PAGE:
What a CUTIE! Today on Indy Style, we meet Tom Dock’s new puppy AND we chat all things related to “National Walk Your Dog Day!”
1) February 22nd is National Walk Your Dog Day! While we don’t really know who started this annual observance, our pups are probably pretty happy that they did! Getting our to walk with your dog can provide benefits for both you and your beloved canine.
2) In a 2017 study, research showed that dog owners walked about 22 minutes MORE per day than non-dog owners and they walked at a faster pace, often approaching 3 miles per hour. As we all know, getting out and walking just 30 minutes per day can lead to better control of blood pressure, diabetes, and other illnesses.
3) But the health benefits don’t stop with us…our dogs benefit from the walk both physically and mentally as well. There is an old saying in veterinary medicine that “a tired dog is a good dog!”. Remembering that the #1 reason pets are often relinquished to shelters is due to behavior issues, so this time you are spending with your pooch could just keep your pet in your family!
4) History credits Jim Buck of New York City as possibly being the first professional dog walker. As the population of the 1960s New York City continued to grow, many professionals found that they couldn’t find the time to insure that their furry companions got outside often enough. From that humble beginning, dog walkers can be found in every neighborhood and even have branched out to social media to help make sure our dogs are getting the attention they need.
5) Services like Rover.com and WagWalking.com have combined the convenience of having someone else walk your dog along with other services, such as drop in visits during the day or even overnight stays at your house.
6) So, how much walking can your dog handle? That’s a question best left up to you and your veterinarian. As you might imagine, different breeds have different activity requirements. The always athletic border collie or energetic Siberian Husky might require more and longer walks when compared to a lazy Basset Hound or a tiny Yorkshire Terrier.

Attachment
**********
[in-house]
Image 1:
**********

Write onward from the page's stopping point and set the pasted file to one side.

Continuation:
7) Health conditions will also factor into your pet’s daily exercise routine. Young, healthy adult animals might be able to tolerate more frequent or lengthy exercise, but older pets, those with heart conditions, or even just arthritis could limit how far the pup is willing to walk.
8) Keep the appropriate lead (leash) in mind as well. While the popular Flexi-Leads are great for allowing your pup to explore the grassy areas while you keep your feet dry, they are less practical on busy city streets and have been known to break at inopportune times. Consider a solid, six foot lead of appropriate weight for your pet.
9) Even though you have your pet on a leash, sometimes accidents happen and your pet escapes. Be sure your pet has proper identification, including a microchip, so that he or she can find their way back to you!
10) Finally, don’t forget that these walks will take you into areas where you won’t have control of what your pet will encounter. Routine vaccination for canine distemper, canine parvovirus, leptospirosis, and even Bordetella should be kept up to date. Rabies vaccination, of course, is required by law and will save you heartache and money should your pooch decide to snap at or bite someone.
11) Likewise, microscopic parasites abound in the environment and worms such as roundworms and hookworms can be picked up by your pet and then transmitted to your family. Ask your veterinarian about the best way to make sure nasty pests, like these gross intestinal parasites, deadly heartworms, or annoying fleas and ticks don’t’ travel back home with you.